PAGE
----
In the State of Sao Paulo in Brazil, customers who ask for a receipt can give their social security number to the cashier. Businesses have to submit their copy of those receipts—with or without social security numbers—to the tax authority. The authority creates an account for every social security number entered into the system and reports to customers which receipts have been entered with their social security number and how much they are for. Customers receive a rebate worth about 30 percent of their share of sales taxes paid through the business each month, and for every $50 of receipts they are entered into a lottery with a maximum payout of $500,000. They can complain online if they think receipts are missing or have the wrong price.

Joana Naritomi, a Harvard economist, studied the impact of the Sao Paulo experiment, which has been running since 2007. She found 13 million consumers enrolled in the receipts database at the end of 2011. The system registered more than 1 million complaints involving about 13 percent of the 1 million retail and wholesale establishments in the region. Most important, Naritomi finds that the program increased the reported revenues of retail firms by 22 percent over four years. She shows that reported revenues went up not because real revenues increased, but because reporting became more honest. The result was an additional $2 billion in tax payments. The system paid out $1.6 billion in rewards to consumers over that time, translating into a $400 million increase in net income for the region.

In Sao Paulo the big impact of the program was to increase value added tax payments (that’s a form of sales tax) to the regional government. And, to return to the U.S., that points up the fact that it isn’t just the federal government that loses out from retail businesses under-reporting sales income. In 19 American states the sales tax accounts for more than one-third of total revenue. So if we created incentives like Sao Paulo’s, we’d be doing a favor at both the state and federal level.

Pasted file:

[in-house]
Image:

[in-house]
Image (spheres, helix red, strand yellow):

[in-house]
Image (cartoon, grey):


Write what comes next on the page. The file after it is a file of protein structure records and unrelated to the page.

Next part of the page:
The IRS reports that more than half of revenue from activities where there’s no easy way to confirm taxpayer income information is misreported to the government. The biggest perpetrators are small retail businesses, alongside those earning rents and royalties. The same misreporting percentage drops to 11 percent where there is at least some additional information available to double-check taxpayer statements—in cases like deductions and exemptions. Reduce the misreporting ratio on the currently unconfirmed revenues from 56 percent to 11 percent through techniques like receipt collection and you’d add $70 billion to federal coffers alone—which sounds like a good investment. Even small government advocates should like such a program, because consumers get tax rebates as rewards. In other words, honest people pay lower taxes and only crooks and scroungers pay more. That might bring a smile to many a harried filer this April 15.

Kenny is a senior fellow at the Center for Global Development and author of The Upside of Down: Why the Rise of the Rest is Great for the West.